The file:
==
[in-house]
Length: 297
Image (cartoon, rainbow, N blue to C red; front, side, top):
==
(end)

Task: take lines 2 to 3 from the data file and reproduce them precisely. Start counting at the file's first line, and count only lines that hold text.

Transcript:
Length: 297
Image (cartoon, rainbow, N blue to C red; front, side, top):